A Will is one of the most important legal document you will make to protect your loved ones. However, people wrongly assume that once they have executed their Will, the devolution of their estate is sorted for the best when the worst come.
Not updating your Will in line to changes in your personal circumstances or assets can be a costly mistake for the beneficiaries. There are often legal ways to resolve issues after death but they entail more time and cost to put in place.
There are many reasons why you should update your will including:
- Your personal situation has changed since you have made your Will; marriage, divorce, new born child…
- The size of your estate is not the same as what was written in your Will;
- You have moved to a new country which may have different inheritance laws than the country where your Will was written;
- A beneficiary of your Will has recently died;
- New tax laws came into force since you made your last Will;
- You purchased properties overseas.
It is good practice to keep your Will up to date and we recommend you review your will every 5 years or so, in particular if your personal or financial circumstances have changed.
With regard to overseas assets, it is recommended to have one separate Will for each jurisdiction where you own assets to facilitate the administration of your estate. In some circumstances, one single English Will covering the whole of your estate can be a solution for instance to avoid overseas forced heirship rules (eg. in France) or just for the sake of keeping things simple.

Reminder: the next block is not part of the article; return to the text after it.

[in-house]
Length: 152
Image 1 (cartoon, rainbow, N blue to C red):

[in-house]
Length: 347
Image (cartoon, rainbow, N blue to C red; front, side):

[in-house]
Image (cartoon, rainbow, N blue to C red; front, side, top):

If you own assets overseas and you do not have an English Will yet, we can handle the drafting of your English Will and foreign Will under one roof avoiding the need to appoint separate lawyers and hence minimising the risks of conflicts between your Wills. If after assessment of your personal circumstances, you decide to have one single English Will applying to all your assets (including overseas), our expertise in cross-border inheritance law will ensure that the wording of your Will will not create adverse consequences you did not plan for your death.
Too often we deal with cross-border probate matters when the deceased left an inadequate English Will creating further legal and costly issues such as:
-the Will created a trust which is not recognised overseas and has costly tax implications;
-the Will included inappropriate or unnecessary use of the provisions of EU Regulation 650/2012;
-the testator gave an overseas property to a charity, which complicated the administration of the estate;
-the drafting of the Will did not take account of overseas inheritance tax rules.
At B&M Law LLP, we specialise in cross-border inheritance planning and would be able to draft your Wills if you have assets in England & Wales, France, Spain and Italy. If you already have a Will and need it reviewed, please do not hesitate to contact us for advice.